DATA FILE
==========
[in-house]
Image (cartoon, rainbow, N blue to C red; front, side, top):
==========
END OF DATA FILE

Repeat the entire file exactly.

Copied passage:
[in-house]
Image (cartoon, rainbow, N blue to C red; front, side, top):